Forest biodiversity conservation has been the main environmental priority in central Africa. The bounds between the Convention on Biological Diversity (CBD) and the United Nations Framework Convention on Climate Change (UNFCCC) seem to be strong with the REDD+. Some of the Aichi targets (5, 7, 11 & 15) of the CBD and the environmental safeguards of the REDD+ (UNFCCC) are good links between the 2 conventions. REDD+ has thus emerged as one way for biodiversity conservation in the Congo Basin.

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KieserThe Waste Management Project at
Waterfall Estate
by Kim Kieser (ELP 2009)

Living on a country estate with a river running through it has to be one of life's great pleasures - unless the river is choked with rubbish or is full of stagnant water that is infested with a million mosquitoes.

Careless humans or communities living without proper waste management and sanitation services can quickly turn a beautiful stretch of water into a smelly, dangerous mess. To prevent this from happening at Waterfall, the Estate managers are working with environmental health experts WET Africa to ensure that the Jukskei is returned to - and then remains - a thing of beauty.
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RahmanSocial and Environmental Change in Bangladesh: Integrated Social, Environmental and Engineering (ISEE) Model  
by Mohammed Mofizur Rahman (ELP 2013)
     and Sadia Afrin Nitu

Bangladesh's coastal environment is highly complex due to the ever changing nature of both its physical and social features. Recent changes include, for example, decreasing fresh-water sources and rapid growth of the coastal population. Bangladesh, which is a tectonically active delta, is one of the most densely populated coastal countries in the world; almost 40 million people currently live along the coast.As a result, Bangladesh is considered the world's third most vulnerable country to sea-level rise. The increased frequency of cyclones, extensive poldering and water logging add additional stresses to this poverty-prone landscape, leading to livelihood changes and/or population displacement.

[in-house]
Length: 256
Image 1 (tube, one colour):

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rosemaryThe Global Ecovillage Network (GEN) Dimension to Sustainability
by Rosemary Olive Mbone Enie (ELP 2013)

It is no secret that humanity faces an unprecedented crisis of global magnitude that threatens our viability and future sustainability on Planet Earth. In many parts of the Global North, we are suffering from the consequences of using up natural resources at a far higher rate than can be replenished. The production of many essential biological/physical resources has already peaked. Forest, fisheries and coral reefs are damaged and disappearing; soils are impoverished by over-cropping and the use of chemicals; diversity has been reduced by genetic manipulation; reserves of fresh water are diminishing and today over half of the world's population is facing critical water shortage.
Read Full Article

Amleset Haile Abreha (Ethiopia, ELP 2012)
has been selected by the African Women in Agricultural Research and development program (AWARD) Steering Committee as a 2014 AWARD Fellowship laureate. She is among the 70 impressive, talented, motivated women agricultural researchers chosen from among 790 applications for this two-year career-development program, which starts in early 2014.